In the U.S. It began in earnest in 1984 when Pepsi and Coca-Cola made the shift. Food processors quickly followed suit. Prices for HFCS remained low thanks to continued subsidies fueled by heavy lobbying from big corn producers like Archer-Daniels-Midland. These subsidies not only helped them with HFCS sales but also with corn based ethanol which got a double positive hit since sugar cane tariffs kept the price of South American sugar cane based ethanol artificially high. (11)

The net effect was a rapid decline in the use of sucrose as a sweetener, which accounted for only 3.7% of the caloric sweetener in US beverages by 2005. (12) But then the childhood obesity epidemic hit the US in earnest. Authors like Michael Pollan(13)  challenged the American corn based diet (“we’re eating corn and washing it down with more corn.”) and films like “Super-Size Me” catalogued the emergence of heavily marketed huge food and beverage portions made economically feasible by the HFCS/sucrose price differential.(14)

Over the past 5 years the consumer marketplace has responded. While the use of HFCS likely has had a role in over consumption of artificially cheap foods and beverages, HFCS has not been demonstrated to have a direct harmful effect compared to sucrose.(9) Yet it is currently the poster child for “the American diet” and not in a good way.(6)  And increasingly Americans are avoiding products with HFCS on the nutritional label. Fair? Maybe not says NYU Professor of Nutrition Marion Nestle. “I’m not eager to help corn refiners sell more of their stuff. But you have to feel sorry for them. High fructose corn syrup is the new trans fat. Everyone thinks it’s poison, and food companies are getting rid of it as fast as they can.” (15) You won’t find it any longer in Ocean Spray Cranberry Juice, Wheat Thins, or Hunt’s Ketchup. Over the past decade per-capita consumption of caloric sweeteners has dropped 12%. But if you break that down, sucrose dropped only 3% while HFCS use dropped 20%.(12)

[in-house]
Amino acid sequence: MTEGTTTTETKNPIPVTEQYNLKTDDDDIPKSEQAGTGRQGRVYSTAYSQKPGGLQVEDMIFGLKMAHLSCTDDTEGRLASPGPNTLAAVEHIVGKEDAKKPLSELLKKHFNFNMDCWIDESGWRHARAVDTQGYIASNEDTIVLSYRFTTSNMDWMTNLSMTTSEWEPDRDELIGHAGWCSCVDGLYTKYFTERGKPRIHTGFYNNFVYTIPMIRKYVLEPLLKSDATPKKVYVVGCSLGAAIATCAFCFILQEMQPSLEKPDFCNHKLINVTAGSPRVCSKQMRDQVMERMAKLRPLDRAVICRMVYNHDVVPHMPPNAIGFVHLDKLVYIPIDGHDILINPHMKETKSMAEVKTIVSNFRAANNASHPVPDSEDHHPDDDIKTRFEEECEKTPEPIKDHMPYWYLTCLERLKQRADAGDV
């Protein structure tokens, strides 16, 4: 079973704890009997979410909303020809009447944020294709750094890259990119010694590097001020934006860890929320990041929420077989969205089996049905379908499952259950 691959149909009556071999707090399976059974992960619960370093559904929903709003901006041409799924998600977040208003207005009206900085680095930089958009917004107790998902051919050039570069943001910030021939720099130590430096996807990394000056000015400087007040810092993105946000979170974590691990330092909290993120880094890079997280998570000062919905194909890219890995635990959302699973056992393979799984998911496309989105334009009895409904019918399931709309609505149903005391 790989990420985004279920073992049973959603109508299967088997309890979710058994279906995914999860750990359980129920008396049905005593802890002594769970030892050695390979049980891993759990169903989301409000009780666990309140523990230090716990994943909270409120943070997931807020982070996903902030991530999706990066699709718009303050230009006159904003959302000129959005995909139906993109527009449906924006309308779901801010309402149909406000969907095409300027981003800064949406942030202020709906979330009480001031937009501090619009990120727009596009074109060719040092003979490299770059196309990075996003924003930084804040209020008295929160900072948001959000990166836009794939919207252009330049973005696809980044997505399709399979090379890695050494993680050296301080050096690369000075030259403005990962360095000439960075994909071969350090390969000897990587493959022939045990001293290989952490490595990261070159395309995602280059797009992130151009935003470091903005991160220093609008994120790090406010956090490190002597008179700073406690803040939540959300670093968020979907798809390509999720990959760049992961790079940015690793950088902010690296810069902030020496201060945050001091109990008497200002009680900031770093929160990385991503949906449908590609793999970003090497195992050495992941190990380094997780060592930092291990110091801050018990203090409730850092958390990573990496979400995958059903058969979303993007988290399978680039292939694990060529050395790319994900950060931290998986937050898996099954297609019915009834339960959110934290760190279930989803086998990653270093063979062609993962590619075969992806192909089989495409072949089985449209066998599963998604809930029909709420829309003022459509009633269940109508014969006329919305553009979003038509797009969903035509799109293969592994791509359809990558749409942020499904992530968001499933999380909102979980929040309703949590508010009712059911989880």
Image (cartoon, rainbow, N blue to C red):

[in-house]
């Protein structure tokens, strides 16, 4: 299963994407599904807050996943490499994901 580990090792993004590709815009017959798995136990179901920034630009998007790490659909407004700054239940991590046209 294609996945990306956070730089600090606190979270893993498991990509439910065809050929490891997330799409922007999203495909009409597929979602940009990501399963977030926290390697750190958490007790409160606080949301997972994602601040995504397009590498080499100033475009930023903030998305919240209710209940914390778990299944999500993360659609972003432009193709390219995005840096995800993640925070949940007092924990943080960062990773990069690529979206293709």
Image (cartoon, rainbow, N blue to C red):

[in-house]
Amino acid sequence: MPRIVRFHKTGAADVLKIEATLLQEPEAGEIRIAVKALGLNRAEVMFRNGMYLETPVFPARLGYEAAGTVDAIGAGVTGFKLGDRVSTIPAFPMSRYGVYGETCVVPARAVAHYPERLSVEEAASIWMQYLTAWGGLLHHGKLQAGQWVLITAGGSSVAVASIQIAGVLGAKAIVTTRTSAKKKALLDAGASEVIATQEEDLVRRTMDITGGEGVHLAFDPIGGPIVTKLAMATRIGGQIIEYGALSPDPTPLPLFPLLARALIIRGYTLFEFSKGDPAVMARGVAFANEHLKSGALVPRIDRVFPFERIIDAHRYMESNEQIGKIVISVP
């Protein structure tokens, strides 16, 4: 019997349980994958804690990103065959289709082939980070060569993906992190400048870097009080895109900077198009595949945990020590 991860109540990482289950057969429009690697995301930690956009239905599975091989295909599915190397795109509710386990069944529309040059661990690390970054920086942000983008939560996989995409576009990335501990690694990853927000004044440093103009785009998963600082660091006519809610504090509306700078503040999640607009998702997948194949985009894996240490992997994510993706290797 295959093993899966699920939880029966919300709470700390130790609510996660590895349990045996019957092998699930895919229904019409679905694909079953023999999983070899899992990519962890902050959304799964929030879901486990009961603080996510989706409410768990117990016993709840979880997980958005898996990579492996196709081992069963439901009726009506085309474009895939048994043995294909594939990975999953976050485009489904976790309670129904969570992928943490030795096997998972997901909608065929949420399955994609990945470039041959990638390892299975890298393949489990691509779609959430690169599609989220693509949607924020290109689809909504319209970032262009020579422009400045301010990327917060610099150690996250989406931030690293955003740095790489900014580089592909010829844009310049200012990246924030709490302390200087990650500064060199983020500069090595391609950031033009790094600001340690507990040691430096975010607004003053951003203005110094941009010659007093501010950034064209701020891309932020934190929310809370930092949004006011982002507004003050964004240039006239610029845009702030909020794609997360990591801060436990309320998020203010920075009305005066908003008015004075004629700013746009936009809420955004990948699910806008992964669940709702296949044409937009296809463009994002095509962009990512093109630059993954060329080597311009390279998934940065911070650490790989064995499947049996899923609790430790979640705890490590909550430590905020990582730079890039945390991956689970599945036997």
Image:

Will the FDA allow HFCS to morph into “corn sugar”. Who knows. It’s been done before. Low erucic acid rapeseed oil became “canola oil” with their blessing.(15,16)  But changing the name won’t fix the problem. The problem is a series of perverse incentives that promote over consumption and poor health – not unlike our current health care system.

For Health Commentary, I’m Mike Magee.


1. Mad Men Official Site.
2. The Nutrition Source. Harvard School of Public Health.
3. Philip Morris Has Not Changed. Campaign For Tobacco Free Kids.
4.California Dried Plums.
5.Corn Refiners Association Petitions FDA.
6. The Ban On High Fructose Corn Syrup: Jamie Oliver Food Revolution.
7. Merriam Webster Dictionary Online.
8. Ulmann’s Encyclopedia of Industrial Chemistry.
9. The Health Effects of High Fructose Syrup, Report 3 of The Council on Science and Public Health (A-08)
10. Hanover LM, White JS. 1993. Manufacturing, composition, and applications of fructose. Am J Clin Nutr 58(suppl 5):724S-732S.)
11. Pollan M. Omnivore’s Dilemma.
12. Kilman S. Corn Sweetener Desires A More Palatable Name. WSJ. Sept. 15, 2010. B6.
13. Pollan, M, The (Agri)Cultural Contradictions Of Obesity, The New York Times‘, 12 October 2003.
14. Super Size Me.
15. Parker-Pope T. Makers Seek New Name For A Syrup. NYT. B1. September 15, 2010
16. Low Erucic Acid Capeseed Oil. Health Canada.